• If there’s no response, shout for help and open their airway. Place one hand on their forehead and gently tilt the head back and lift the chin.
  • Check for breathing – look for chest movement, listen for sounds of breathing and feel for their breath on your cheek. Do this for ten seconds.

If the person is not breathing normally, you must call an ambulance and then start CPR which is a combination of chest compressions and rescue breaths.

Giving chest compressions

  • Place your hands on centre of their chest and with the heel of your hand press down 30 times.
  • Press down 5-6 cms.
  • Do this at a rate of 100 – 120 times a minute.

If you have not been trained in CPR or are unwilling or unable to give rescue breaths give chest compressions only.

Giving rescue breaths

  • Open the airway, gently tilt the head back and lift the chin.
  • Pinch the person’s nose; place your mouth over their mouth and – by blowing steadily – attempt 2 rescue breaths each lasting one second.

Continue this sequence of 30 chest compressions and 2 rescue breaths until emergency help arrives or the casualty starts to show signs of regaining consciousness; such as coughing, opening their eyes, moving purposefully and starting to breathe normally.

If you are unable or unwilling to give rescue breaths give chest compressions alone.



Put pressure on the wound

  1. Put pressure on the wound with whatever is available to stop or slow down the flow of blood.
  2. As soon as possible, call 999 or get someone else to do it.
  3. Keep pressure on the wound until help arrives.

Medical Shock

Shock is a life-threatening medical condition as a result of insufficient blood flow throughout the body. Shock often accompanies severe injury or illness. Medical shock is a medical emergency and can lead to other conditions such as lack of oxygen in the body’s tissues (hypoxia), heart attack (cardiac arrest) or organ damage. It requires immediate treatment as symptoms can worsen rapidly.

Medical shock is different than emotional, or psychological, shock that can occur following a traumatic or frightening emotional event.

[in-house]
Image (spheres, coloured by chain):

What are the types of shock?

Septic shock results from bacteria multiplying in the blood and releasing toxins. Common causes of this are pneumonia, intra-abdominal infections (such as a ruptured appendix) and meningitis.

Anaphylactic shock is a type of severe hypersensitivity or allergic reaction. Causes include allergy to insect stings, medicines or foods (nuts, berries, seafood), etc.

Cardiogenic shock happens when the heart is damaged and unable to supply sufficient blood to the body. This can be the end result of a heart attack or congestive heart failure.

Hypovolemic shock is caused by severe blood and fluid loss, such as from traumatic bodily injury, which makes the heart unable to pump enough blood to the body.

Neurogenic shock is caused by spinal cord injury, usually as a result of a traumatic accident or injury.

What is the treatment for shock?

Depending on the type or the cause of the shock, treatments differ. In general, fluid resuscitation (giving a large amount of fluid to raise blood pressure quickly) with an IV in the ambulance or emergency room is the first-line treatment for all types of shock. The doctor will also administer medications such as epinephrine, norepinephrine or dopamine to the fluids to try to raise a patient’s blood pressure to ensure blood flow to the vital organs.

Tests (for example, X-rays, blood tests, EKGs) will determine the underlying cause of the shock and uncover the severity of the patient’s illness.

  • Call 911 for immediate medical attention any time a person has symptoms of shock. Do not wait for symptoms to worsen before calling for help. Stay with the person until help arrives.
  • While waiting for help or on the way to the emergency room, check the person’s airway, breathing and circulation (the ABCs). Administer CPR if you are trained. If the person is breathing on his or her own, continue to check breathing every 2 minutes until help arrives.
  • Do NOT move a person who has a known or suspected spinal injury.